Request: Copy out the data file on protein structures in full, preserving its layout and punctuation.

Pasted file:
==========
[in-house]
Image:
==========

[in-house]
Image: